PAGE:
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Research Projects

STATUS: In Progress YEAR: 2023 TOPIC AREA: Connected and autonomous systems Public transit, land use, and urban mobility CENTER: PSR

A general traffic equilibrium framework with ride sourcing services that considers flow-dependent waiting time and public transit

Project Summary

Project number: PSR 22-15 TO 066
Funding source: Caltrans
Contract number: 65A0674
Funding amount: $100,000
Performance period: 6/1/2023 to 5/31/2024

Project description

Ridesourcing services (also called e-hailing services in the literature, e.g., Ban et al.,

2019), provided by Transportation Network Companies (TNCs) such as Uber, Lyft, DiDi,

Grab, Ola, etc., have achieved substantial growth and received much attention in recent

years. For example, Uber has hit its milestone in 2018 to serve over 10 billion trips within

more than 700 cities in 80 countries (Uber, 2018). There are over 75 million riders and 3.9

million drivers in total, producing more than 14.1 billion dollars of annual net revenue

(Iqbal, 2020). These emerging transportation services are transforming the travel behavior

of individuals and urban mobility patterns. For instance, the ridesourcing services could

ease the congestion since travelers may save the time for finding a parking space (Ban et

al., 2019). But at the same time, these services may cause extra deadhead miles (Xu et

al., 2021), i.e., the miles traveled by ridesourcing vehicles for picking up the passengers.

Intuitively, the deadhead miles could be large when the usage of ridesourcing services is

low since a driver will need to travel for a long distance to pick up the next passenger. And

the deadhead miles will start to decrease, at some point in the usage level, when more

travelers adopt to use the ridesourcing services since the probability that a driver is closer

to his/her passenger will be higher. The deadhead miles often cause detours for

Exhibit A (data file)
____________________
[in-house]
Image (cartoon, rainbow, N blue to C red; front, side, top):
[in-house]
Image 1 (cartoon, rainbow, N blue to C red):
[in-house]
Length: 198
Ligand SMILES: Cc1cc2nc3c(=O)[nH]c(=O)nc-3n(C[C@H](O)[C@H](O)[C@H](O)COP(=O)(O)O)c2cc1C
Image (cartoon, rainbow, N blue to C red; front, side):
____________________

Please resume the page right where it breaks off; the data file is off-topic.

passengers if ridesharing is involved (Daganzo et al., 2020; Ouyang et al., 2021), which

may increase congestion and undermine the quality of service.

Another issue with deadhead miles is that passengers will need to wait for the ridesourcing

vehicles to arrive. An important feature of the waiting times is that they change with flows,

due to various reasons such as different traffic conditions or change of supply and demand

in the ridesourcing market. If the waiting time is too long, a passenger may cancel the trip

or stick with the traditional transportation modes such as public transit or solo-driving. As

an alternative mode choice, ridesourcing makes the behavior of travelers much more

complicated due to its interactions with the traditional modes. There is a clear need to

quantify and understand the impact of flow-dependent waiting times on the passengers,

the influence of deadhead miles on the transportation system, the highly complex

interactions between ridesourcing and traditional transportation modes, and furthermore,

to help transportation planners and policy makers to facilitate or regulate the ridesourcing


However, prior research models on ridesourcing typically assume that the waiting times

will not change according to traffic flows, and have not explored the interactions between

ridesourcing services, public transit and solo-driving (Xu et al., 2015a; Xu et al., 2015b;

Ban et al., 2019; Di and Ban, 2019; Ma et al., 2020; Li et al., 2020; Pang et al., 2020). To

the best of our knowledge, there is little research that captures the complexity of waiting

times of passengers, the deadhead miles of ridesourcing vehicles, and their complicated

interactions with public transit and solo-driving. The objective of this research is to

understand the impact of ridesourcing services on traffic congestion, travelers' behavior of

mode choices, and efficiency of the overall urban transportation systems.

A general traffic equilibrium framework with ridesourcing services that considers flow-

dependent waiting time and public transit would be able to capture the change of travelers’

behavior based on waiting times and deadhead miles. In practice, the transportation

system and the travelers’ behavior could change. For example, ridesourcing passengers

may have longer waiting times during rush hours, due to high traffic flows. And as a result,

some of them may switch to metro services which are more reliable in terms of time

schedules. With the general model framework, policy makers can better understand

travelers’ behavior and develop appropriate incentives that capture the features of

ridesourcing services to reduce congestion on the transportation system.


Jong-Shi Pang
Epstein Family Chair and Professor of Industrial and Systems Engineering
Olin Hall of Engineering, OHE 310C
3650 McClintock AveLos Angeles, CA 90089-0193
United States
[email protected]